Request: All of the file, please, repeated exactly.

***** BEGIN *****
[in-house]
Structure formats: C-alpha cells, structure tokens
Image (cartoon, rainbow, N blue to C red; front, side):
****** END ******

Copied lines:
[in-house]
Structure formats: C-alpha cells, structure tokens
Image (cartoon, rainbow, N blue to C red; front, side):